Monthly Archives: December 2013

Argenteuil and Monet’s fascination with water

Aine writes:

‘Argenteuil with a Single Sailboat’ by Claude Monet was in the news again lately after a jury in Dublin failed to agree on verdict for a man accused of criminal damage by putting his fist through it at the National Gallery of Ireland.

Monet was fascinated with reflections on water and boating on the river Seine in the basin at Argenteuil was the subject of many of his paintings. I visited the town some time ago because to see the area for myself because I am writing about places in his life for ‘Lets Trail Monet’.

The densely populated grey suburban sprawl of Argenteuil today is certainly not lovely so finding the artist’s favourite places was never going to be easy but when I hopped off the RER after the short journey from Gare St Lazare in Paris I immediately found the house he lived in right where it always had been, directly opposite the railway station. Number 21 Boulevard Karl Marx is now the headquarters of the town’s Historical and Archaeological Society and they maintain its white walls and green shutters and have even replaced the wooden balconies. In fact it looks little changed from Monet’s time, except then of course the street was called Boulevard St Denis and the house was number five.

The name change says it all and a walk up town soon tells you why. A Communist council after the Second World War made Argenteuil the heart of the famous ‘ceinture rouge’ around Paris that celebrated the worker and the practical. Construction of a wide central boulevard effectively cut the town in two and with the development of huge tower blocks on either side the town that Monet knew disappeared forever. The river still flows powerfully past, but a very busy four lane highway means you cant get to it let alone stroll by the heavily industrialized water’s edge.

Interestingly though industry had already arrived in the area in Monet’s day and he liked ‘modern’ subjects often including the bridges rebuilt after the Franco Prussian war of 1870-71 in his Argenteuil paintings. The railway also made it very convenient for him to live there.

The six year period in the town was one of rare prosperity for him and he could at last provide a real home for his wife Camille and their young child. The house had a cellar, a main floor and bedrooms and best of all a garden, which became the focus of family life.

He often painted his wife among the profusions of fuchsias, geraniums and daisies but ‘The Artist’s House’ of 1873 captures a quite a simple moment. Camille appears at the doorway of the vine covered façade ready to step down to the terrace, where the blue and white Delft pots, bought by the couple during their short stay in Holland on their return from London after the war, are filled with summer blooms. Here young Jean Monet in a large straw hat plays with a hoop but the scene is also somewhat poignant considering his mother’s early death after a long and painful illness.

Monet’s second home in Argenteuil (the first house is long disappeared) is only open for visits on occasions but I was charmed to see it even from the street with its bright blossoms spilling over the fence. I thought of the artist who described his time in Argenteuil as one of the happiest and most fulfilled periods of his entire life.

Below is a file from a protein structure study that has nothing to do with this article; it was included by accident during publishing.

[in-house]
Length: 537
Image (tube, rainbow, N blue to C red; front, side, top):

house1Monet’s House at Argenteuil

by Áine Ni Chárthaigh

Manet, Paris, Passy Cemetery and Secrets! Secrets! Secrets!

Seán O’Leary writes:

Síle and I were in Paris recently visiting graveyards!  Not as creepy, scary or unromantic as it might sound.  The great, the good and the eccentric are buried in the well-known Père Lachaise cemetery but we were intent on seeing Édouard Manet’s grave in Passy cemetery, a smaller and more exclusive resting place in the wealthy 16th arrondissement.  Besides being one of the most important painters in 19th century France, Manet was also the quintessential charming urbane upper middle-class Parisian.  Posh Passy suits him well as a last resting place.

Intriguingly there are four people buried in the grave.  Manet himself was the first to go in followed by his brother Eugène.  Later the Impressionist painter Berthe Morisot, Eugène’s wife, was interred there.  Finally Manet’s own wife, Suzanne Leenhoff, completed the gathering.  In life the relationships between these four people were complicated and fractious.  That they should all lie at rest together, with their secrets intact, is fascinating.  Would they could speak!  Art historians would have to add footnotes to their books.

Berthe, who grew up in Passy, had a passion for Manet.  Despite his reputation as a ladies’ man, it may or may not have been reciprocated.  She sat for him as a model for a number of years.  They encouraged each other as painters.  But she was jealous of other ladies that he knew and disparaging, in private, about his wife Suzanne.  She finally married his brother Eugène in what she herself described as an arranged marriage.  It may have been a case of, if not the Manet, then the other Manet?

Intrigue surrounds his wife Suzanne as well.  Originally from the Netherlands, she was employed as a piano teacher in Manet’s parents’ household.  While there she became pregnant with her only child, a son, Léon.  Art historians debate whether it was Manet or his father Auguste who fathered the child.  Neither Manet or his father ever recognised the child as their’s.  However, ten years later, after Auguste’s death, Manet married Suzanne.  Secrets! Secrets! Secrets!

Enjoy more of Manet’s Paris in the forthcoming Let’s Trail, Manet’s Paris (expected publication, 2014 list)

Manet's resting place, Passy Cemetery, Paris

Manet’s resting place, Passy Cemetery, Paris